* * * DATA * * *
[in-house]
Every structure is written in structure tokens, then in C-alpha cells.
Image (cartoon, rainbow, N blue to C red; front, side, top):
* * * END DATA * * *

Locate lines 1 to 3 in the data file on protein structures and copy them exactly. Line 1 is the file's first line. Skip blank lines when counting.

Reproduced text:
[in-house]
Every structure is written in structure tokens, then in C-alpha cells.
Image (cartoon, rainbow, N blue to C red; front, side, top):